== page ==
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Sunday 15 March 2015

Alternative grape varieties: the search for the next big thing in Australian wine

There is a lot more to wine in Australia than our current favourites chardonnay and shiraz.

From the warm Riverina to cool-climate Tasmania, winemakers are experimenting with unfamiliar grape varieties from countries as diverse as Italy, Austria, Spain and Georgia as they aim to produce wines with a point of difference.

So while you might not be familiar with grapes called touriga nacional, gruner veltliner and aleatico, it is worth remembering that 40 years ago chardonnay was unknown in Australia and we drank an awful lot of wine made from a dreadfully dull grape called crouchen.
Larry Jacobs with Hahndorf Hill gruner veltliner vines 

Today chardonnay is ubiquitous, along with sauvignon blanc from New Zealand, which was first planted in 1975.

Things change quickly on the wine front and new trends are constantly emerging. A decade ago few of us had heard of pinot gris/grigio, but now it is hugely fashionable. Could fellow Italian white grapes vermentino and arneis be next? Or maybe fiano?

Kym Anderson, director of the Wine Economics Centre at the University of Adelaide, says: “There is growing interest in making wine using 'alternative' varieties such as those grown in southern Europe and South America, in many instances because they are more suited to the Australian climate.

“But getting consumers to purchase wines made from varieties they are unfamiliar with can be a big risk for producers.”

Italian varieties such as sangiovese, barbera and nebbiolo are now almost mainstream, however, along with the increasingly popular Spanish red grape tempranillo and the Portuguese white variety verdelho, all succeeding as drinkers look for food-friendly, savoury alternatives to some of our vinous fruit bombs.

Coriole, from McLaren Vale, is the standard bearer for high-quality sangiovese, a Tuscan grape it first planted 25 years ago. Coriole's lead has been followed by Robin Day, former chief winemaker for Orlando, whose Domain Day vineyards at Mount Crawford feature plantings of garganega, lagrein and sagrantino, all Italian grapes, as well as saperavi, a red grape that's a native of the former Soviet republic of Georgia, where its known for its concentrated flavours.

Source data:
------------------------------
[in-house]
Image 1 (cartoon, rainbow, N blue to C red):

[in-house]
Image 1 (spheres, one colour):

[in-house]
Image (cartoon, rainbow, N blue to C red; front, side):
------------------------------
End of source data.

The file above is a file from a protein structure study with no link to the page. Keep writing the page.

Yalumba has pioneered the French white grape viognier, which has found favour as both a stand-alone varietal and as a blending component that softens shiraz (Canberra's Clonakilla makes a benchmark example).

Zinfandel, a grape that enjoys huge popularity in California as is also known as primitivo, has been promoted by Margaret River winery Cape Mentelle, while the Italian variety prosecco, used in sparkling wines, has been a winner for Dal Zotto Wines and other producers in Victoria's King Valley.
Otto Dal Zotto in his prosecco vineyard 

It is certainly worth taking a step out of your wine comfort zone to sample a new taste sensation – and as many of these wine with unfamiliar names are new to the market some of the prices are relatively low.

So what's the next big thing?

Gruner veltliner, a savoury dry white wine from Austria, has proved very successful for producers including Hahndorf Hill and Geoff Hardy in the Adelaide Hills and Lark Hill outside Canberra.

Petit manseng, made from a little-known white grape from the south-west of France and similar to the Spanish grape albarinho, has shown great potential in warmer parts of the country.

Vermentino is an aromatic and refreshing white grape from Liguria and the Mediterranean islands of Sardinia and Corsica. It has been hugely successful in the Riverland and Riverina.

Nero d'Avola is the most popular red wine variety from Sicily, making dark, flavoursome wines. It has been grown with great success in McLaren Vale and Heathcote in Victoria.

Or maybe the German hybrid schonburger, or French light red gamay will find a niche in the market, or maybe a variety that is currently completely unknown. Wine drinkers will ultimately decide.


  1. Hi Winsor, isn't it paradoxical that most experimentation with alternative varieties is undertaken by small to medium sized wineries. I say that because the investment in alternatives (both in vineyard space and trial and error costs) is disproportionately large compared with what the cost would be for a large wine company. Conversely, large wine companies tend to have far more concentrated investment in a small and narrow portfolio of varieties that places them at heightened risk of exposure to fashion change/climate change - meaning that the companies that can best afford to experiment (and least afford not to?) and to trial consumers on new labels based on alternative varieties are the ones that don't tend to do so.

  2. A very interesting point well made.

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